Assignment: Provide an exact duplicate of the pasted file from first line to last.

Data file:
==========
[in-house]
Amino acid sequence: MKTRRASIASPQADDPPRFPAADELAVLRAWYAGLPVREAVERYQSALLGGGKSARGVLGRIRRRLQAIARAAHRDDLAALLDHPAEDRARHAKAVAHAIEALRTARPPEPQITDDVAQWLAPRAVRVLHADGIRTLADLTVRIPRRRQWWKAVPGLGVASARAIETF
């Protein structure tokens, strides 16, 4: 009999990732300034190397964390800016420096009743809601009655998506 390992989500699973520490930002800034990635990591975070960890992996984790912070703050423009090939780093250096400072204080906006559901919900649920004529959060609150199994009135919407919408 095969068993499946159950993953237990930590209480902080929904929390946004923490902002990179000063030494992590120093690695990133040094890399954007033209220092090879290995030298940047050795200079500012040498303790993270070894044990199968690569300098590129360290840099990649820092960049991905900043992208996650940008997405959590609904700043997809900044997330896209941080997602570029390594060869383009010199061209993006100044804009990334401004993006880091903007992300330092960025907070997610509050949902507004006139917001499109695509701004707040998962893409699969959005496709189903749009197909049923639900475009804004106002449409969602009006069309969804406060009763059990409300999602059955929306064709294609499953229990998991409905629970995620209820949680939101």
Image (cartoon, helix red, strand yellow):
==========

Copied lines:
[in-house]
Amino acid sequence: MKTRRASIASPQADDPPRFPAADELAVLRAWYAGLPVREAVERYQSALLGGGKSARGVLGRIRRRLQAIARAAHRDDLAALLDHPAEDRARHAKAVAHAIEALRTARPPEPQITDDVAQWLAPRAVRVLHADGIRTLADLTVRIPRRRQWWKAVPGLGVASARAIETF
């Protein structure tokens, strides 16, 4: 009999990732300034190397964390800016420096009743809601009655998506 390992989500699973520490930002800034990635990591975070960890992996984790912070703050423009090939780093250096400072204080906006559901919900649920004529959060609150199994009135919407919408 095969068993499946159950993953237990930590209480902080929904929390946004923490902002990179000063030494992590120093690695990133040094890399954007033209220092090879290995030298940047050795200079500012040498303790993270070894044990199968690569300098590129360290840099990649820092960049991905900043992208996650940008997405959590609904700043997809900044997330896209941080997602570029390594060869383009010199061209993006100044804009990334401004993006880091903007992300330092960025907070997610509050949902507004006139917001499109695509701004707040998962893409699969959005496709189903749009197909049923639900475009804004106002449409969602009006069309969804406060009763059990409300999602059955929306064709294609499953229990998991409905629970995620209820949680939101």
Image (cartoon, helix red, strand yellow):